2. The liquid crystal display device as claimed in claim 1, wherein said common voltage signals have an inverted polarity for each vertical period.
3. The liquid crystal display device as claimed in claim 2, wherein said pixel voltage signals have a polarity inverted for each vertical period and for each horizontal period.
4. The liquid crystal display device as claimed in claim 2, wherein said common voltage signals have a polarity opposite to said pixel voltage signals.
5. The liquid crystal display device as claimed in claim 1, wherein the gate driver includes:
a shift register for sequentially generating said scanning pulse signal;
a level shifter for shifting a swing width of said scanning pulse signal to a predetermined level; and
a buffer for applying a voltage output from the level shifter to the gate lines.
6. The liquid crystal display device as claimed in claim 1, wherein the gate driver and the common driver are integrated on a same side of the substrate.
7. The liquid crystal display device as claimed in claim 6, further comprising:
a second gate driver and a second common driver integrated on another side of the substrate.
8. The liquid crystal display device as claimed in claim 1, wherein the gate driver and the common driver are integrated on different sides of the substrate.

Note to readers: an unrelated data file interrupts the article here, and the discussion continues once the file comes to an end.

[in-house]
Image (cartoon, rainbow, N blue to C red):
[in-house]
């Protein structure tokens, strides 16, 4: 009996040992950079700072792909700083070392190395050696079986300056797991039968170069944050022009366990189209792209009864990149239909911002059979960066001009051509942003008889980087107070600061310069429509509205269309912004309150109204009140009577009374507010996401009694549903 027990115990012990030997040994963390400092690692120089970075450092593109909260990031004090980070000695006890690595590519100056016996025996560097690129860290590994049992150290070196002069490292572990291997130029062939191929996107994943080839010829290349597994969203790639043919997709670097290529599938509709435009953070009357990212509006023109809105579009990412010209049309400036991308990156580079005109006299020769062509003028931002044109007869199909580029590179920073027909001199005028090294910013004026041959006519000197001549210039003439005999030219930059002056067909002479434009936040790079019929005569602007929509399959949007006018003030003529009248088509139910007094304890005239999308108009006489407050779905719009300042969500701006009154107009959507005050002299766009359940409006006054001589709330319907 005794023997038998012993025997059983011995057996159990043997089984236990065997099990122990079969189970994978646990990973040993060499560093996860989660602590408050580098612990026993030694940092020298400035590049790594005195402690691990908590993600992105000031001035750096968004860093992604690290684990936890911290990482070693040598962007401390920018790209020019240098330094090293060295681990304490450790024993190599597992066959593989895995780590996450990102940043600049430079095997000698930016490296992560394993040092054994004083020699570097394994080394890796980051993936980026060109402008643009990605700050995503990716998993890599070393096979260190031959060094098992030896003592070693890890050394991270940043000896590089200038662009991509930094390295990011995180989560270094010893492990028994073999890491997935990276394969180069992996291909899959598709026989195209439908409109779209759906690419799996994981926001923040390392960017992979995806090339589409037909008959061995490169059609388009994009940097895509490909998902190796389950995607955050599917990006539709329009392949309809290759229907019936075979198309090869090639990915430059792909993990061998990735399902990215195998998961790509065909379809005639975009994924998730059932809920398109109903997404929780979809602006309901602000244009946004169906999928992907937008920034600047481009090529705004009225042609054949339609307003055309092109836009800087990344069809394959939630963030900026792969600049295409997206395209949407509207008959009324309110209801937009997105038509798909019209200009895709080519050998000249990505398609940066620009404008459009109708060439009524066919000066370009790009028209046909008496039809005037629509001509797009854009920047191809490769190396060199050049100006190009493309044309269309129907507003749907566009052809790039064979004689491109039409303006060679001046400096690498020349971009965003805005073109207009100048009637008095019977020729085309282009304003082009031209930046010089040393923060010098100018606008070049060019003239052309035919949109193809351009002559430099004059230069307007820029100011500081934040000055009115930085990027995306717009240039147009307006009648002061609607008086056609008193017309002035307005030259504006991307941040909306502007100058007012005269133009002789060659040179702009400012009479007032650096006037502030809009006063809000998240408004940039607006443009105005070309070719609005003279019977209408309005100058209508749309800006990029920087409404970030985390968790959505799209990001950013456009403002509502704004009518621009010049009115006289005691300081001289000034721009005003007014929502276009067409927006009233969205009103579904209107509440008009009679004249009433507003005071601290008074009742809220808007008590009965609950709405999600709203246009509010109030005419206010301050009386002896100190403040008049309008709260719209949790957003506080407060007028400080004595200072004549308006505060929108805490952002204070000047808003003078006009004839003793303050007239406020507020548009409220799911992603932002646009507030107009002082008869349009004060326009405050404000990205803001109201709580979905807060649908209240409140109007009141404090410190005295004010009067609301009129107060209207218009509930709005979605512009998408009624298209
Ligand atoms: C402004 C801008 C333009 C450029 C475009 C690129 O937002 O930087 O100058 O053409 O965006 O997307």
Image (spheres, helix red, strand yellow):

9. The liquid crystal display device as claimed in claim 1, wherein the data driver is integrated on the substrate.
10. The liquid crystal display device as claimed in claim 1, wherein the first and the second common voltage signals have polarities opposite from each other.
11. The liquid crystal display device as claimed in claim 1, wherein each of the first and the second common voltage signals is shifted for each two horizontal periods.
12. The liquid crystal display device as claimed in claim 1, wherein the first and the second common voltage signals are alternatively supplied to the common line.
13. The liquid crystal display device as claimed in claim 1, wherein the first and the second common voltage signals are synchronized with the scanning pulse signal sequentially applied to the gate line to alternatively supplied to the common line.
14. The liquid crystal display device as claimed in claim 13, wherein the first and the second common voltage signals are firstly supplied to the common line than the scanning pulse signal by i horizontal period (herein, i is an integer).
Description

This application claims the benefit of Korean Patent Application No. P2003-95662 filed in Korea on Dec. 23, 2003, which is hereby incorporated by reference for all purposes as if fully set forth herein.

BACKGROUND OF THE INVENTION

1. Field of the Invention

The present invention relates to a liquid crystal display, and more particularly to a liquid crystal display device and a fabricating method thereof for lowering power consumption as well as integrating a driver on a substrate.

2. Discussion of the Related Art

Generally, a liquid crystal display (LCD) controls light transmittance of liquid crystal using an electric field to display a picture. The liquid crystal display may be largely classified as a vertical electric field type and a horizontal electric field type based upon a driving direction of the electric field for the liquid crystal.